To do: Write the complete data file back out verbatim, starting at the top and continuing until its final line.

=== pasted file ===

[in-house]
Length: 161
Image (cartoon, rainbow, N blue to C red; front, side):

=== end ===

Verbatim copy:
[in-house]
Length: 161
Image (cartoon, rainbow, N blue to C red; front, side):